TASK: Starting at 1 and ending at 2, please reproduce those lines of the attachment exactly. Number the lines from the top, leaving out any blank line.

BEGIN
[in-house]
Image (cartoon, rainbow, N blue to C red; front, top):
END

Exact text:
[in-house]
Image (cartoon, rainbow, N blue to C red; front, top):